• Report this Comment On January 13, 2014, at 6:17 PM, getthefacts4 wrote:

    What is Rich's education on agriculture ? Zero Zippo Nothing and I am sorry but you deserve it - it shows.

    CAN SOMEONE please write with some sense of knowledge

  • Report this Comment On January 13, 2014, at 9:57 PM, pkwestermann wrote:

    Apparently, the previous posters have forgotten their high school Biology (or dropped out in order

    to avoid it). Pesticides/Herbicides work like any other external agent which affect the survival and proliferation of a species. The individuals that survive are going to be more tolerant of that agent in the future. Simple stuff if you take the time to actually think about it. I thank you for the article...openly honest about potential ramifications.

  • Report this Comment On January 13, 2014, at 11:00 PM, ECMorgan wrote:

    As a professor of weed science and ecology, I would call this article a ridiculous oversimplification of a very complex issue. The 2,4 D comment is absurd. Scientists think........., actually it has been overwhelmingly shown.......

  • Report this Comment On January 14, 2014, at 1:02 AM, BobbyBoyNYC wrote:

    The biological and potential health hazards of irresponsible genetic engineering notwithstanding, those herbicides, as well as insecticides, fungicides, bactericides etc. are potentially hazardous. Do you know what word rhymes with the aforementioned terms? Homicides! Not just the birds and the bees, all of which are vital for a healthy biosphere, these herbicides are toxic to mammals as well. In a rat study by a French scientist, Gilles-Éric Séralin, he showed that genetically modified corn could lead to a high incidence of cancer, Many non-biological scientists immediately attacked him and his study, only showing that money doesn't talk; it swears!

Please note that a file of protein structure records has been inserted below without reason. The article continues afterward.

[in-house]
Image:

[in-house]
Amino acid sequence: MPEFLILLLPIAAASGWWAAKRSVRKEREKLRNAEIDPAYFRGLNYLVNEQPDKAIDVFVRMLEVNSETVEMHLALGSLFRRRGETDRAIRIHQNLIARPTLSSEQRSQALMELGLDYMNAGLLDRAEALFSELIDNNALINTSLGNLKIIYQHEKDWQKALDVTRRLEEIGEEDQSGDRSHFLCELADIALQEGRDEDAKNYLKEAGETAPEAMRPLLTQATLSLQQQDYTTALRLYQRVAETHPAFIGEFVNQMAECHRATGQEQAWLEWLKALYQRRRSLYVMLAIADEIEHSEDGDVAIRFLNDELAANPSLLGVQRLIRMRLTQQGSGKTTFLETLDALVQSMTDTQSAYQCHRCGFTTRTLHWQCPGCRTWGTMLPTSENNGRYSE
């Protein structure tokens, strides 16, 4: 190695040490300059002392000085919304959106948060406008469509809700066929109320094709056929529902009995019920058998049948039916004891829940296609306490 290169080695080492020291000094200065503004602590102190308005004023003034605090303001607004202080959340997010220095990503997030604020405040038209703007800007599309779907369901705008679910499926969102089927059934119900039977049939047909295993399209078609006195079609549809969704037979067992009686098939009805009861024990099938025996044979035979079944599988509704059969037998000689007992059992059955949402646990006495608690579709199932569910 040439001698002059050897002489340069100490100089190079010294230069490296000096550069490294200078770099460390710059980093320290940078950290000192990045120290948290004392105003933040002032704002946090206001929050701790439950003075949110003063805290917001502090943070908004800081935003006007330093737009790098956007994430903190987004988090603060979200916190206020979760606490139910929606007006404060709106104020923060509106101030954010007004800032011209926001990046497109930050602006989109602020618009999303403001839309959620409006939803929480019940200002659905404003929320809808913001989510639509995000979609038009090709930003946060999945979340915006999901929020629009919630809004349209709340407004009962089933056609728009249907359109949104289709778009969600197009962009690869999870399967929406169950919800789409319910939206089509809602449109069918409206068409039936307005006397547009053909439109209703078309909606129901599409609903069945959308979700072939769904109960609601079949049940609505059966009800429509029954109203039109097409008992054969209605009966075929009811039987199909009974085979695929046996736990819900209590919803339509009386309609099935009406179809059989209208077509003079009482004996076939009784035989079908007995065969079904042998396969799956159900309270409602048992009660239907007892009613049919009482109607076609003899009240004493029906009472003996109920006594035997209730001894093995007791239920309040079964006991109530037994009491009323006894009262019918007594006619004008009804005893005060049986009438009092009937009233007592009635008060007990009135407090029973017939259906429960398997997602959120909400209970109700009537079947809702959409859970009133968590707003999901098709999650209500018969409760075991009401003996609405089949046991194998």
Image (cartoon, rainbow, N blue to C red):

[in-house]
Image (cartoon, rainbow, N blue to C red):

• Report this Comment On January 14, 2014, at 4:16 AM, greenknight32 wrote:

    Weeds don't develop resistance to mulch, or tillage, or crop rotations that include cover crops and forage crops that smother them. Insects don't develop resistance to predatory insects and birds, or crop rotations that eliminate their food source, or companion crops that repel them.

    Industrial Ag, for economic efficiency, has gone to large fields planted to the same crop year after year, or short rotations like corn/soybeans. It relies on chemicals to control the buildup of weeds and pests that naturally result. Very cost-effective in the short run, but it starts an endless treadmill of pest resistance that steadily increases the cost - both financial and environmental. It inevitably will collapse.

    GMO crops, as currently used, accelerate development of resistance by locking in the use of the specific agents they're engineered for. They're a dead end - and their safety is not well-established. It never will be - the decades-long studies that would require are not practical.

    The technology of the future in Ag is in monitoring systems that allow controls and corrections to be applied early and targeted precisely. It's not GMOs, they've just about had their run.

  • Report this Comment On February 25, 2014, at 10:33 AM, swheateepye wrote:

    Maybe the 'superweed' will be able to come to the Motley Fool and write a better article on herbicide-resistant crops...

    And who is hurt by 'superweeds', anyway? The farmers who make a choice to pick a variety (genetically engineered or not) that may have an environmental advantage that translates into higher yields. Resistant weeds may lend themselves to the use of different kinds of herbicides, or a step back in time where farmers used to "walk" their fields to cut out pesky weeds which may unfortunately incur extra costs. No matter the technology, there is usually some sort of trade-off, and in this case it may be some herbicide-resistant weeds. It's a fate many farmers have knowingly chosen.

    Love the terms "superweed", "frankenfood"...adolescent means of perpetuating myths about a legitimate methods to improve crop plants...

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Rich Duprey

Rich has been a Fool since 1998 and writing for the site since 2004. After 20 years of patrolling the mean streets of suburbia, he hung up his badge and gun to take up a pen full time.

Having made the streets safe for Truth, Justice and Krispy Kreme donuts, he now patrols the markets looking for companies he can lock up as long-term holdings in a portfolio. So follow me on Facebook and Twitter for the most important industry news in retail and consumer products and other great stories.